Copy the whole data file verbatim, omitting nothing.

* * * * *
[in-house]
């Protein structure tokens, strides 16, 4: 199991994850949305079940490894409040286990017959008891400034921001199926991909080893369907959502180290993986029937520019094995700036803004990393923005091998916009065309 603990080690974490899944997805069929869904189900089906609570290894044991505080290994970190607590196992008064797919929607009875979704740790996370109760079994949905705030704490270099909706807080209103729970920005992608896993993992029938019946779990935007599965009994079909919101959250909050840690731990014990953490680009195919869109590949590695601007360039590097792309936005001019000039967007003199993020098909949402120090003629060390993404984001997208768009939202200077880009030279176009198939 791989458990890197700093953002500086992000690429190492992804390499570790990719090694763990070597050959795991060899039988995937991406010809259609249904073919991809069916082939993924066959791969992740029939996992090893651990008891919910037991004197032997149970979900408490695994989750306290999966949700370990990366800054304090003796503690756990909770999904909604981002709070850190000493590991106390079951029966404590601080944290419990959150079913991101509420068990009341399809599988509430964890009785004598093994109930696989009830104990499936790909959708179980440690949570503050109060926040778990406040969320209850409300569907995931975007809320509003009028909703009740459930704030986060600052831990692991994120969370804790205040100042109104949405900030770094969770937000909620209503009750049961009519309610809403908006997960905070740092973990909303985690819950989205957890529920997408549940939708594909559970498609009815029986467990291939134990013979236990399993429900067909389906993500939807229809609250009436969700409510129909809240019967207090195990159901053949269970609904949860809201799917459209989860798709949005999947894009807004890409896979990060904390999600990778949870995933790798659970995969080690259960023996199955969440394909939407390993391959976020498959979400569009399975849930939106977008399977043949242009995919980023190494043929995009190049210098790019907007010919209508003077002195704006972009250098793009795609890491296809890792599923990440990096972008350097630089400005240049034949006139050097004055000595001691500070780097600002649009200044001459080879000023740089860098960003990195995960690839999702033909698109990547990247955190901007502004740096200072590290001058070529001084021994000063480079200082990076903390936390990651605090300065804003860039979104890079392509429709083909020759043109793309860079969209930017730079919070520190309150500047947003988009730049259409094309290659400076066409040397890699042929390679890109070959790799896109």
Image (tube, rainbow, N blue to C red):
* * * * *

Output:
[in-house]
């Protein structure tokens, strides 16, 4: 199991994850949305079940490894409040286990017959008891400034921001199926991909080893369907959502180290993986029937520019094995700036803004990393923005091998916009065309 603990080690974490899944997805069929869904189900089906609570290894044991505080290994970190607590196992008064797919929607009875979704740790996370109760079994949905705030704490270099909706807080209103729970920005992608896993993992029938019946779990935007599965009994079909919101959250909050840690731990014990953490680009195919869109590949590695601007360039590097792309936005001019000039967007003199993020098909949402120090003629060390993404984001997208768009939202200077880009030279176009198939 791989458990890197700093953002500086992000690429190492992804390499570790990719090694763990070597050959795991060899039988995937991406010809259609249904073919991809069916082939993924066959791969992740029939996992090893651990008891919910037991004197032997149970979900408490695994989750306290999966949700370990990366800054304090003796503690756990909770999904909604981002709070850190000493590991106390079951029966404590601080944290419990959150079913991101509420068990009341399809599988509430964890009785004598093994109930696989009830104990499936790909959708179980440690949570503050109060926040778990406040969320209850409300569907995931975007809320509003009028909703009740459930704030986060600052831990692991994120969370804790205040100042109104949405900030770094969770937000909620209503009750049961009519309610809403908006997960905070740092973990909303985690819950989205957890529920997408549940939708594909559970498609009815029986467990291939134990013979236990399993429900067909389906993500939807229809609250009436969700409510129909809240019967207090195990159901053949269970609904949860809201799917459209989860798709949005999947894009807004890409896979990060904390999600990778949870995933790798659970995969080690259960023996199955969440394909939407390993391959976020498959979400569009399975849930939106977008399977043949242009995919980023190494043929995009190049210098790019907007010919209508003077002195704006972009250098793009795609890491296809890792599923990440990096972008350097630089400005240049034949006139050097004055000595001691500070780097600002649009200044001459080879000023740089860098960003990195995960690839999702033909698109990547990247955190901007502004740096200072590290001058070529001084021994000063480079200082990076903390936390990651605090300065804003860039979104890079392509429709083909020759043109793309860079969209930017730079919070520190309150500047947003988009730049259409094309290659400076066409040397890699042929390679890109070959790799896109």
Image (tube, rainbow, N blue to C red):